Currently the number of print applications of an identity has reduced drastically. For example, it would be strange to have a printed manual for a company that only prints a letterhead. Of course, a printed manual can still have its specific use, for example when it comes to colour referencing. But overall I think we are nostalgic for print – we miss the tactility and a confirmation of existence.

In the past the printed manual was seen as the cherry on top of the identity. It was the initiation of the rollout, and it was treated and regarded as one of the most important design items of the identity. And that is what is very different currently: printed manuals no longer have the status they used to have. The question is: why don’t online guidelines have the same impact as the printed ones? Surely it’s possible to capture the essence of the NYC Transit Authority guidelines, for example, in an online version too?

AS: In the age of adaptable and flexible digital identities, do we still need manuals of any kind?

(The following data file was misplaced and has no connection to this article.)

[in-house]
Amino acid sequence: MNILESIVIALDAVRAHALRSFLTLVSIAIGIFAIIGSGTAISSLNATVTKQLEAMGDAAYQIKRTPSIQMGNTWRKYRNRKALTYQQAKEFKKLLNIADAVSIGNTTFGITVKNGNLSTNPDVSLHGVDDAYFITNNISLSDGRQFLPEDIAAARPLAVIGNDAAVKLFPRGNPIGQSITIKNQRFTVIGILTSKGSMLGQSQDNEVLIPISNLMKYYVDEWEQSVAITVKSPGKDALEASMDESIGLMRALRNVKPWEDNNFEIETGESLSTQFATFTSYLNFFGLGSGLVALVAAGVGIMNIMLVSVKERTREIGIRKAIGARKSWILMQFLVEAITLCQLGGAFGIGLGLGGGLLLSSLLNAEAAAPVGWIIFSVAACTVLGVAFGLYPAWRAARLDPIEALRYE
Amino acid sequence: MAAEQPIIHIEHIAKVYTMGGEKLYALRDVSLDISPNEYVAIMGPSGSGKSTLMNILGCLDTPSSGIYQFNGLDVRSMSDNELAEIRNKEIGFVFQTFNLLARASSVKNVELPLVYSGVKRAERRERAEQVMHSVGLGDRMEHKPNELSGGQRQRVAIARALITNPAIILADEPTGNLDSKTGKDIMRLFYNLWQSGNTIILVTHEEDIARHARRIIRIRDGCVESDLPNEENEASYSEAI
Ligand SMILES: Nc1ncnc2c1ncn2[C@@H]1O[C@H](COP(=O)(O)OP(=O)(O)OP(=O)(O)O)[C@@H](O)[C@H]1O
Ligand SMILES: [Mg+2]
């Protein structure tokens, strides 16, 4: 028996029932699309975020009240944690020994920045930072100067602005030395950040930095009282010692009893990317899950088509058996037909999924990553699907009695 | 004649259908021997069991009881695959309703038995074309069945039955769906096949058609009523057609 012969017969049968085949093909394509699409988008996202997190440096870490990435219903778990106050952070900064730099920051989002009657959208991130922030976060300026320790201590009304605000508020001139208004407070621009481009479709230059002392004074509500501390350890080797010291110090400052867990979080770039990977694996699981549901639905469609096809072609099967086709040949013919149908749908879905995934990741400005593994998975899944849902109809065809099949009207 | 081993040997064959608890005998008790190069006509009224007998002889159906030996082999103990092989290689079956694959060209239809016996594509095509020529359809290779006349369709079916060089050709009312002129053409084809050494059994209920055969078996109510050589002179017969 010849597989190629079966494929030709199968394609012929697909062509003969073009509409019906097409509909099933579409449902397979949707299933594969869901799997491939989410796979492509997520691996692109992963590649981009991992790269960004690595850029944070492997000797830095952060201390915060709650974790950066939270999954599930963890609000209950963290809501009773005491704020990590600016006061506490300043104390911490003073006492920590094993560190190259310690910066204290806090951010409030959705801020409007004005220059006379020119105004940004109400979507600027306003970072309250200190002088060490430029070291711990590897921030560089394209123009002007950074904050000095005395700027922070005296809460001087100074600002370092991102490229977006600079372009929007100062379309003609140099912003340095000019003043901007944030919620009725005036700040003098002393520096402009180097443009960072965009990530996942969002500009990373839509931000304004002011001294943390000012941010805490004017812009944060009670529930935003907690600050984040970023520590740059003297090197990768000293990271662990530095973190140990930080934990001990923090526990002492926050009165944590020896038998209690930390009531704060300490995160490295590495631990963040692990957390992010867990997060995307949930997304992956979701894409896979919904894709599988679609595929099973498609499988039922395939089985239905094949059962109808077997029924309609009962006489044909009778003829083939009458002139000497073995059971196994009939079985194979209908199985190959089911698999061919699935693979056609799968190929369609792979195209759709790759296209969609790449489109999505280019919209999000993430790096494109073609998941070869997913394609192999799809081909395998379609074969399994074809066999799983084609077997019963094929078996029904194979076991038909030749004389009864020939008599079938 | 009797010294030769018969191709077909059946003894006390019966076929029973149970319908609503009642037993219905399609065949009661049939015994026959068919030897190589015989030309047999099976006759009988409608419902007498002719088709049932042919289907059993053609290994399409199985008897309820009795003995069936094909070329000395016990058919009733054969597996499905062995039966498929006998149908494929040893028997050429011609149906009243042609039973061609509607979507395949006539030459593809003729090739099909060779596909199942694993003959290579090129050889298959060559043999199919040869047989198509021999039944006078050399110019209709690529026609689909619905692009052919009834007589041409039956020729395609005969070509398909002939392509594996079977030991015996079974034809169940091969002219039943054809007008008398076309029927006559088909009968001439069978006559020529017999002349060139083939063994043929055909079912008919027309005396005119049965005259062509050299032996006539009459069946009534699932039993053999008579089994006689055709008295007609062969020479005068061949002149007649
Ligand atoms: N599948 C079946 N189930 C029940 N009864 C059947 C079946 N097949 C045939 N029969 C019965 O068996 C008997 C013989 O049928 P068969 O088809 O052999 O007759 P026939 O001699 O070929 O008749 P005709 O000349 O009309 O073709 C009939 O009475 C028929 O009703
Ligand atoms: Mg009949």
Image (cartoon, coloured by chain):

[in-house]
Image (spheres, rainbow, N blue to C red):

LE: Adaptable and flexible doesn’t mean ‘Do whatever you want’ – even the identities that look or feel completely free have guides and checks and balances on how to achieve that. I find it fascinating and a great challenge to be able to create an identity that even though it looks relatively complex or free, has a very simple system of implementation behind it.

I find it a pity when an identity becomes simplified, not in a positive sense, to serve the guidelines – sometimes you see designers cut corners because they can’t find the answer to interpreting their identity into a system that can be easily interpreted by others.